Forsaking Our Children: Bureaucracy And Reform In The Child Welfare System
Publish Date: 1995-01-01
Author: John M. M. Hagedorn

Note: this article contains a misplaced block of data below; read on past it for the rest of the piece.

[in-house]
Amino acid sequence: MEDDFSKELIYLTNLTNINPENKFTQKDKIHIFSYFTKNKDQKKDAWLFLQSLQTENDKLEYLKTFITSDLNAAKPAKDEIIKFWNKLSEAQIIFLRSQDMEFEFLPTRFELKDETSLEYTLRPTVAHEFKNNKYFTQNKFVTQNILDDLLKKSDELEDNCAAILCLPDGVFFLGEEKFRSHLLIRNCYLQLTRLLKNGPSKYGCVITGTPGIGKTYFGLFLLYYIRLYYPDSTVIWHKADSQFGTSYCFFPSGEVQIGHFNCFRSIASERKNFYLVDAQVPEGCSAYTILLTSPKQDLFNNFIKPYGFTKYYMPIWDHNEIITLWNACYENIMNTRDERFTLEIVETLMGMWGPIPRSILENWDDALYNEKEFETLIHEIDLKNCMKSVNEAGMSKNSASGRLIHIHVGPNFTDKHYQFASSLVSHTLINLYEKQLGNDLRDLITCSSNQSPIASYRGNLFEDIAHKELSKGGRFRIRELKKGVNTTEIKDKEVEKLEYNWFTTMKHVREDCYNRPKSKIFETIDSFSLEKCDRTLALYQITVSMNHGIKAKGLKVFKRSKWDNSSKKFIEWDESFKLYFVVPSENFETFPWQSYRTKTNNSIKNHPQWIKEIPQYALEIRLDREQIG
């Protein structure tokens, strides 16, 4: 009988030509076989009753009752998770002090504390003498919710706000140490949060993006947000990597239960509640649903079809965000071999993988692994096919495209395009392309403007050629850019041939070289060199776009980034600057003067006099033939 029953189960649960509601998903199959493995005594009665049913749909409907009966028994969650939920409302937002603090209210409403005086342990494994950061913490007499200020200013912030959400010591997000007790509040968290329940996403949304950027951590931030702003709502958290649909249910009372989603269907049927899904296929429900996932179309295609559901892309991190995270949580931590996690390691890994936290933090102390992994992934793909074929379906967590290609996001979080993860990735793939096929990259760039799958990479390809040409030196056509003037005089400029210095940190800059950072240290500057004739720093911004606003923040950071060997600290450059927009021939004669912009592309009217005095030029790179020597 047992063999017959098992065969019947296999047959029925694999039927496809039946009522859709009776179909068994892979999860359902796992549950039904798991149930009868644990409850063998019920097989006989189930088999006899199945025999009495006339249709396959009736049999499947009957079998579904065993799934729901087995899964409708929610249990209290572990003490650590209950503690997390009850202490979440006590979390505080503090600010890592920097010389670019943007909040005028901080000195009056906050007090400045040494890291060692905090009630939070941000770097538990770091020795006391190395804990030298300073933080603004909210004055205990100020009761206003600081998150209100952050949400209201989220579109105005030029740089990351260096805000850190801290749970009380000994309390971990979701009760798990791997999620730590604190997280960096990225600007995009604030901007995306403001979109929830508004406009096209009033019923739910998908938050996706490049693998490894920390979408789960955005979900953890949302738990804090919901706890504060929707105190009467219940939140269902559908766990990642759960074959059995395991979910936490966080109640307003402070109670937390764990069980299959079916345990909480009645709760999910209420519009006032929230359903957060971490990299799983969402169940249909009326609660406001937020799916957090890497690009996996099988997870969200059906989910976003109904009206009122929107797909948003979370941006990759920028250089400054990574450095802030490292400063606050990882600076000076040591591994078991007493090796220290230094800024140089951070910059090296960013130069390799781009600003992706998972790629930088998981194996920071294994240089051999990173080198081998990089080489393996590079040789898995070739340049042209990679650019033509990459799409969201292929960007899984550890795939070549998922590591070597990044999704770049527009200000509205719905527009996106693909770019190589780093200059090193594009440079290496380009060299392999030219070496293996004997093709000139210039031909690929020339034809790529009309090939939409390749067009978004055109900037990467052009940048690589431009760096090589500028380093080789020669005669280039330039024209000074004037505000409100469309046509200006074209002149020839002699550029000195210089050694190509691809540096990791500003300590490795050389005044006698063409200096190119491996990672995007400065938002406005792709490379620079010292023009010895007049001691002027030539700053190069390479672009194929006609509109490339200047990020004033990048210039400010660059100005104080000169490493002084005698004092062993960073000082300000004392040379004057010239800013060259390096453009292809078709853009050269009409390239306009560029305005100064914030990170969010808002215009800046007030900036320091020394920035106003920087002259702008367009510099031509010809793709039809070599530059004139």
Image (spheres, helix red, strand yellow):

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Forsaking Our Children is the story of what happens when an activist sociologistand former welfare rights organizeris hired to reform a child welfare system. Written for social workers and activists as well as for academics and policy makers, this book combines often gut-wrenching personal stories and a compelling narrative of a hard-fought reform struggle with a critical history of child welfare. Despite today's adverse conditions, Hagedorn argues against defeatism, proposing a concrete and attainable blueprint for reform of the U.S. child welfare system. How and why our child welfare system fails children and their families are central questions of this book. Chilling stories of these failures are combined with a new theoretical perspective which shows how welfare bureaucracies adapted to changing political conditions, substituting punitive interventions for the delivery of needed services. Hagedorn critically examines the history of public welfare from the 19th century through the New Deal, the Anti-Poverty Programs of the sixties, and the discover of child abuse in the seventies. The logical conclusion of this history is the current emphasis on removing children from their families and the creation of a new system of orphanages. Applying lessons learned from restructuring modern businesses to the reform of welfare bureaucracies, Hagedorn argues that genuine reform does not involve either massive cutbacks or infusion of new funds.